On Monday, the Pinehurst Resort, which has eight golf courses under its umbrella, bought the shuttered Pit Golf Links in Aberdeen, about five miles South of the Carolina Hotel.
Why? Not necessarily to add a course and satisfy a surge in demand, but more likely, it's because the Pit was cheap, and it made sense given the layout of the Pinehurst property.
To simplify the scenario: The resort owns a doughnut-shape chunk of land; the Pit was the doughnut hole Pinehurst didn't own. It was in the resort's best interest to control that piece of property, and the timing and the price were right. So Robert Dedman Jr. filled in the gap by purchasing the Pit, which gives his family 925 acres of uninterrupted land.
An article in The Pilot, the local paper, addressed speculation that this was a move toward a former resort plan to develop a golf village near Aberdeen. Based on the economy, the status of the golf industry and the amount of competition in the area, don't expect the Pit to reopen for play anytime soon. In fact, one source close to the situation that I spoke to didn't rule out the possibility that golf at the Pit is gone forever: "It's not exactly a great time to be opening golf courses."
Dedman released a statement Monday night: "Over the next several weeks we plan to evaluate the golf course, clubhouse and other facilities. Right now we're focused on reopening Pinehurst No. 2. Once that is behind us, we'll determine the next steps."
Pinehurst No. 2, the site of the 2014 Men's and Women's U.S. Opens, will reopen March 4, after a one-year restoration project by the design team of Bill Coore and Ben Crenshaw.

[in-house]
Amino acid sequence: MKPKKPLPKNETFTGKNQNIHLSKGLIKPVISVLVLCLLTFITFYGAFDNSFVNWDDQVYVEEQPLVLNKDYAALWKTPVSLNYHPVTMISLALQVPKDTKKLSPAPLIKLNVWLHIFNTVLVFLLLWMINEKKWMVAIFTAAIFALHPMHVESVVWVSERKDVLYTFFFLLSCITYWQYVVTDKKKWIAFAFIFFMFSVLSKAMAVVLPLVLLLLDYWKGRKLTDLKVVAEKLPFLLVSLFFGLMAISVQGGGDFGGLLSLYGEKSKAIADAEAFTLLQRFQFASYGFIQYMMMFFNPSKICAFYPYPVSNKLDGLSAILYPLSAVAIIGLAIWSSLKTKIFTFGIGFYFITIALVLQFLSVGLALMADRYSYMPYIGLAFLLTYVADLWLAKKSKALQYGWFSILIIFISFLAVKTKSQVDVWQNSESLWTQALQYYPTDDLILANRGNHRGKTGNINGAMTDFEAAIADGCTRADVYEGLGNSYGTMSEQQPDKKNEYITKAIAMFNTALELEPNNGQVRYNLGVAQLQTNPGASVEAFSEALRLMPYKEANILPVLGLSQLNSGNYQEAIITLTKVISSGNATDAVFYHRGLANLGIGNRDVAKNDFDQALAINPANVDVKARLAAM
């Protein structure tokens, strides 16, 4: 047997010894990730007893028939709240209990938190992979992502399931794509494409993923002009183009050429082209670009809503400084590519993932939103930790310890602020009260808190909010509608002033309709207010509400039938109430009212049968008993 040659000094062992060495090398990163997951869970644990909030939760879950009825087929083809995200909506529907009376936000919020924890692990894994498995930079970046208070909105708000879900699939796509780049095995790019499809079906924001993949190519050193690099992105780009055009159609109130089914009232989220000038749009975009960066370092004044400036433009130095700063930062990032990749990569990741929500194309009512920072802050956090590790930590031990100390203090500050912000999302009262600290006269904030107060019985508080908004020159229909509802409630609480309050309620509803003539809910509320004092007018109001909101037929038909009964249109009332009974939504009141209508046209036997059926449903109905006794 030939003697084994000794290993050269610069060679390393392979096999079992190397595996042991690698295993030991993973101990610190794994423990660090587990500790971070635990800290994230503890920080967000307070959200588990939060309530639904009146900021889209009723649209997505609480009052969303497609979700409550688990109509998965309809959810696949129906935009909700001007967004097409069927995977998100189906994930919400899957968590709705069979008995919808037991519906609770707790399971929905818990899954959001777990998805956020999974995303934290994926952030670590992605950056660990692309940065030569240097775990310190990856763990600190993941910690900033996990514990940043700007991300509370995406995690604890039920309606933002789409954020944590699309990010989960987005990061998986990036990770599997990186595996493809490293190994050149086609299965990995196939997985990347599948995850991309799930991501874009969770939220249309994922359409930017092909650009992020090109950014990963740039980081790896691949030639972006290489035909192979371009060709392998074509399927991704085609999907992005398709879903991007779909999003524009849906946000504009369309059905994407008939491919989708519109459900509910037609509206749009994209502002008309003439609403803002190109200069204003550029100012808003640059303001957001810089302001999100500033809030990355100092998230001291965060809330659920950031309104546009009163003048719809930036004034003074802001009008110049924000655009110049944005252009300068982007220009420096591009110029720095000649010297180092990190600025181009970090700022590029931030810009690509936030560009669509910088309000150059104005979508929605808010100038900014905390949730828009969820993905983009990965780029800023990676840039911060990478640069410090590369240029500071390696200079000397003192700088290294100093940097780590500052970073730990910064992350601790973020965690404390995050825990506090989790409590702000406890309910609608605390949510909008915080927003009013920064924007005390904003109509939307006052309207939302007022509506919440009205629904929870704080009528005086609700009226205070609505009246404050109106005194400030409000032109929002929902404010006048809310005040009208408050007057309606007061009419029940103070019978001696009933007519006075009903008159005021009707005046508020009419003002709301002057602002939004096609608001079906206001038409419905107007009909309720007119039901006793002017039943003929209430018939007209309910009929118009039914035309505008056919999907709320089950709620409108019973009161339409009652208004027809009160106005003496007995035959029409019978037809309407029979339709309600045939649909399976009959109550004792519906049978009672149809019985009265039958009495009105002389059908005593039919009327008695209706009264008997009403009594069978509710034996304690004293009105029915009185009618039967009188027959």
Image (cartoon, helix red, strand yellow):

After a run of financial struggles and unfavorable course conditions, the Pit closed on Dec. 20 and was later purchased in a foreclosure sale by a North Carolina businessman for $1.08 million. The Pinehurst purchase price was not disclosed.
Before Dec. 20, you could've played the Pit for $49 on weekdays and $59 on weekends. In addition to being good value, the former sand quarry separated itself in an area loaded with great golf by being what has been described as a "tricky" layout.
Then along came Tobacco Road in 1998, a Mike Strantz design, which, as one local avid golfer put it, "outpitted the Pit." (Tobacco Road is bigger, better, harder and with more tricks to the layout than the Pit.)
Bill Fields, Senior Editor of Golf World, grew up in nearby Southern Pines. "There was a lot of excitement locally when the Pit was being built, because folks knew it wasn't located on typical Sandhills terrain," he says. "I wrote about the course and photographed it for Golf World shortly before it opened in 1985. Dan Maples created it in and around an abandoned commercial sand mine that had been dormant for a decade and was a haven for dirt bikers. Back in the day, the sand had gone a lot of places, including to the Blue Ridge Parkway when it was constructed in the 1930s. When I first drove around on the property,' Maples told me then, my mind was going crazy. I had never seen anything like it. It was so beautiful--a 200-acre hole in the ground. You couldn't create what I found here.'"
Adds Fields: "It was a cool landscape, and Maples did a nice job. It'll be too bad if it's closed for good, because a lot of golfers have had a lot of fun out there through the years. When I got married in 1988, a group of us played the Pit the day before the ceremony and Pinehurst No. 2 the morning of the wedding. Now No. 2's getting restored beautifully for more glory days, and the Pit's fate is uncertain."
Here's the harsh reality that we all know, but a lot of us avid golfers try to ignore: For the fifth straight year there have been more course closures than openings in the U.S. That trend will continue. Not every course is going to make it through these corrections in the economy, the game and the industry.